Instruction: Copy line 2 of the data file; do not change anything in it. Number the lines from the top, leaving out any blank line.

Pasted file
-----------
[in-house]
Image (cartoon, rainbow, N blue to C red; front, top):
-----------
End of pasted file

Image (cartoon, rainbow, N blue to C red; front, top):